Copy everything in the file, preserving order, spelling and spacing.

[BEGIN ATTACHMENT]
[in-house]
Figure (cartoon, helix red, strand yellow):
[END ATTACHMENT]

[in-house]
Figure (cartoon, helix red, strand yellow):